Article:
Zimbabwe Asks for More Time to Clear Mines From 1970s Struggle

Zimbabwe has asked the United Nations to extend its deadline to remove landmines left over from the 1970s struggle against white minority rule, citing a chronic shortfall in funding.

Zimbabwe is a signatory to an international treaty banning anti-personnel landmines and it has agreed to eradicate the weapons from its territory by 2018. Demining will take the southern African nation more than 20 years at the current funding level which is only enough for clearing about 10 kilometers (6 miles) of land a year, Zimbabwe Army Commander Colonel Mukhuli Ncube told lawmakers studying the issue.

“We have so far requested three extensions and we are working on another extension because the third one ends in 2018,” Ncube said during a site visit to Gonarezhou National Park, 535 kilometers southeast of the capital, Harare.

Parts of Zimbabwe are the most densely mined areas in the world, with at least 187 identified minefields situated close to homes, schools, health centers and farmland, according to Halo Trust, a U.K.-based demining group funded by the Japanese, Irish and American governments.

The landmines were planted by the white-minority government in the 1970s along the country’s borders with Zambia and Mozambique to stop the flow of supplies and outside training during the liberation struggle, according to Halo Trust. The country gained independence from the U.K. in 1980.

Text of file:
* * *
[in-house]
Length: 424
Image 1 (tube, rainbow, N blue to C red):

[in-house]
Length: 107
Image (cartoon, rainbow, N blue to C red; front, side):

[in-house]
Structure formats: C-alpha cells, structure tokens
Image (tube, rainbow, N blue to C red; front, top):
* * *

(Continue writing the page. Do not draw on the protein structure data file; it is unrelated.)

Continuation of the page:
Demining campaigners in Zimbabwe are trying to drum up more money to supplement the $500,000 budget provided by the government and contributions made by aid groups, in a bid to accelerate the process, said Ncube.

“We are having funding challenges in this exercise and this is why we are moving at a slow pace, but we are hoping that many partners can come and join us in the demining,” he said. “We require millions of dollars to clear the landmines.”

Some of the weapons are buried along the border crossing at Victoria Falls, a tourist attraction, and Gonarezhou National Park, where the government expects to reintroduce black rhinos within the next two years, said Ncube.

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